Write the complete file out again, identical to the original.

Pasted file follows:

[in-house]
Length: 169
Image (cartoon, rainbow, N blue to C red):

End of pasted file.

[in-house]
Length: 169
Image (cartoon, rainbow, N blue to C red):